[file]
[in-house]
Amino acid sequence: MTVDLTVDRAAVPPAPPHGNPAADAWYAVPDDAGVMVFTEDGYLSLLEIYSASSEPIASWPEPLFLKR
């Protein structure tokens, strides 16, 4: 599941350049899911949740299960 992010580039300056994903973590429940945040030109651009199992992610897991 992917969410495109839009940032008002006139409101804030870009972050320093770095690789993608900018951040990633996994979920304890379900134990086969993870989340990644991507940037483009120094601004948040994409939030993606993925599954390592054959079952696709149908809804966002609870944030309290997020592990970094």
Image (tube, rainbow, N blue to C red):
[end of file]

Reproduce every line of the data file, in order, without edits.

[in-house]
Amino acid sequence: MTVDLTVDRAAVPPAPPHGNPAADAWYAVPDDAGVMVFTEDGYLSLLEIYSASSEPIASWPEPLFLKR
């Protein structure tokens, strides 16, 4: 599941350049899911949740299960 992010580039300056994903973590429940945040030109651009199992992610897991 992917969410495109839009940032008002006139409101804030870009972050320093770095690789993608900018951040990633996994979920304890379900134990086969993870989340990644991507940037483009120094601004948040994409939030993606993925599954390592054959079952696709149908809804966002609870944030309290997020592990970094």
Image (tube, rainbow, N blue to C red):